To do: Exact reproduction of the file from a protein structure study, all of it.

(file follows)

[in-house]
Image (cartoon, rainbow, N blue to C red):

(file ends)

[in-house]
Image (cartoon, rainbow, N blue to C red):